Labyrinths get a bad rap. But if it wasn’t for that legendary minotaur they might be better recognised as a source of fun and divertissement. There is after all only one way in, one path to follow, one way to reach the middle. You can see for yourself on London Underground at the moment.
Artist Mark Wallinger has seized on the iconic potential for such maps to complement the visual language of the world’s oldest metro system. Sure enough, for most Londoners it is a daily case of one way in, a tunnel to the centre, followed by retraced steps at the end of play.
Tyrannical bosses apart, there are no monsters in the picture. But perhaps there will be in your head, as you study one of the 270 unique mazes. There are individual designs planned for every station on the network. It is the most extensive commission yet for Art on the Underground, who celebrate 150 years of the network.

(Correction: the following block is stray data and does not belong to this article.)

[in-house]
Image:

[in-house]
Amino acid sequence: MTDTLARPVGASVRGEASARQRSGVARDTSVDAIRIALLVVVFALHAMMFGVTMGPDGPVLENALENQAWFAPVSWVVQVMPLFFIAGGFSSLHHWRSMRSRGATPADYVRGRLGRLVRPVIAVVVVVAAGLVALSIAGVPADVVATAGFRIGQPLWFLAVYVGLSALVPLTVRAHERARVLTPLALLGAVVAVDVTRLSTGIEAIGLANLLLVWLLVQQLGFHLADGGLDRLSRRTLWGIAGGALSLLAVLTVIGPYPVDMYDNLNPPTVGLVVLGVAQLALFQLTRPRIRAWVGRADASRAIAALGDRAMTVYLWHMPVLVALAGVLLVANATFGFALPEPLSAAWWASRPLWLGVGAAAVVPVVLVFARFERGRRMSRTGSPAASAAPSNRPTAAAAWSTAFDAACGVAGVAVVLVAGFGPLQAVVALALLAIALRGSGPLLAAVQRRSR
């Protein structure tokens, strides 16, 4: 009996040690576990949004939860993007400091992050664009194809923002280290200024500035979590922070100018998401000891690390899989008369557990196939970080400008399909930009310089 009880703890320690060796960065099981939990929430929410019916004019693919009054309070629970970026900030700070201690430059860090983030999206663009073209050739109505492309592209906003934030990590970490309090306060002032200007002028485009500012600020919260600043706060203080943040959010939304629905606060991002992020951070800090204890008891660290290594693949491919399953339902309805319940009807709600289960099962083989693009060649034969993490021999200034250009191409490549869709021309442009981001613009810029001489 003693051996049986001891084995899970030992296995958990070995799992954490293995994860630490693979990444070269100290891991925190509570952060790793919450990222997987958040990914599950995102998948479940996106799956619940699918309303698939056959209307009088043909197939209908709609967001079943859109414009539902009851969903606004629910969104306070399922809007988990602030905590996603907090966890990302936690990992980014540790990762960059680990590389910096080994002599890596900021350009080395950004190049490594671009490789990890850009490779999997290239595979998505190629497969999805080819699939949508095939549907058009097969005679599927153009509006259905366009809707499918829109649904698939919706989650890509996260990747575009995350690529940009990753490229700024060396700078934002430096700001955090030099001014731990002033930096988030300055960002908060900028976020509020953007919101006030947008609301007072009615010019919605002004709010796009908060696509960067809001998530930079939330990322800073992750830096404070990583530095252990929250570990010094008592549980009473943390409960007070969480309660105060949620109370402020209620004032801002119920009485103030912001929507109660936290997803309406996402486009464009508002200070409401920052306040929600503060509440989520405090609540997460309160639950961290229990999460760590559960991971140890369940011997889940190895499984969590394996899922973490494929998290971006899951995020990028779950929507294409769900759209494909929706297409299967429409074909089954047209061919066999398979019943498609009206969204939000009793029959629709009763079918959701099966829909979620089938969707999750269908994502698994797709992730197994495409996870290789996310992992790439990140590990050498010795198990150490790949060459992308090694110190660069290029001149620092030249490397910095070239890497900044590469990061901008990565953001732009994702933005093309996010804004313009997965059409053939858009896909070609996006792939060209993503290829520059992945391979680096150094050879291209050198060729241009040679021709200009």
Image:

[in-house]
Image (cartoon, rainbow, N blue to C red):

Each design is displayed in a prominent position in a 60cm squared enamel panel. It’s a brave move, given the potential for maps of this sort to confuse tourists. But fortunately Harry Beck’s map of the entire network is so iconic, risks have been considered minimal.
Installations are still underway, but the completed project will present art lovers with a challenge of endurance to see the whole lot. The current record for passing through every station on the network is 16.5 hours. That doesn’t allow for time contemplating Wallinger’s art. Best make a weekend of it.
Visit Mark Sheerin's contemporary art blog and follow him on Twitter.
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